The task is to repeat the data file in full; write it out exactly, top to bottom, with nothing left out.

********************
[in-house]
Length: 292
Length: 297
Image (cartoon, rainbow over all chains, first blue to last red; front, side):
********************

[in-house]
Length: 292
Length: 297
Image (cartoon, rainbow over all chains, first blue to last red; front, side):